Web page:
A great overview of digital preservation tools I retrieved through Twitter thanks to Bill LeFurgy. Provides a great list of available tools and arranges them by relevance to different stages of the digital curation lifecycle. Provides a description of each tool, the site where it can be located, and the any applicable costs.
The Digital Humanities Data Curation Institute — a joint effort by University of Maryland’s MITH, the Women’s’ Writers Project, and the University of Wisconsin-Madison’s School of Library and Information Science — is now accepting applications for a three-day workshop (one of three) to be held in College Park, MD in October. According to the Institute website, the workshop “will provide a strong introductory grounding in data curation concepts and practices, focusing on the special issues and challenges of data curation in the digital humanities.”
At the workshop, attendees will learn how to:
- Model humanities data for sustainable computational research
- Identify, assess, and mitigate risks to their data
- Evaluate tools and systems for working with data from a curatorial perspective
- Plan and implement data management during all phases of a project’s lifecycle
- Leverage data curation skills to improve scholarly publications, grant applications, and promotion dossiers
- Understand and stay current with the landscape of data curation research
More information on applying for the Institution can be found here.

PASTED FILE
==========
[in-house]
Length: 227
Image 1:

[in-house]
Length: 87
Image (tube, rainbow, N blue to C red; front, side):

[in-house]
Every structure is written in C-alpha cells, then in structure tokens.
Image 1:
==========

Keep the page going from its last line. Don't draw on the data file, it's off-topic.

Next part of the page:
Met for our last class of our Org. of Information course and got to see even more interesting presentations. Topics included:
- Need to Know (a presentation on the cataloging of classified and top secret information)
- Developing Trends for Cataloging Sheet Music Collections
- The Digital Image: Controlled Vocabularies & Visual Resource Management
- Vox Populi: How User Generated Metadata Compares & Competes with Traditional Subject Headings
- Supporting User Needs in Specialized Archival Collections
- Collaborative Tagging & Opportunities for the Library Community
- Libraries & Marketing
- Metadata Challenges within the University Library
Way to go, everyone! More fun to begin on Monday with the start of LSC553.
The first round of final presentations for our Organization of Information course began in class last night. We got to listen to great Pecha Kucha by our fellow students. Here’s some of the topics:
- Is MARC Still Relevant?
- Controlled Vocabularies in Archives
- More Product, Less Organization?: Minimalist Processing & Information Organization in an Archival Setting
- Information Retrieval in Museums
- Information Architecture
- Music Information Settings and FRBR
- Being a Librarian: The 21st Century
- Space for Knowledge: Automated Storage & Retrieval Systems
Can’t wait to see the next batch of presentations tomorrow night!
Just a quick FYI:
George Washington University’s College of Professional Studies is holding their annual Ethics & Publishing Conference on July 8th. Attendance is free but you do need to register at the following website:
Here is the conference statement on their theme “Positive Ethics”:
‘The theme of the 6th annual conference on GWU Ethics and Publishing Conference is “Positive Ethics”. Too often discussions of ethics in publishing are solely about some ethical shortfall – plagiarism, using copyright as a weapon, censorship, predatory business practices – and so on. This year we want to focus on the positive side of ethical practices in the industry. What are publishers doing to promote social good? What are they doing over and above meeting responsibilities to their shareholders? And what more should they be doing?’
This should be a great conversation. Hope to see you there!
To inaugurate our new CHIM blog and celebrate Audiobook Month, here’s a link to the National Library Services for the Blind and Physically Handicapped’s (NLS) list of recent audiobooks.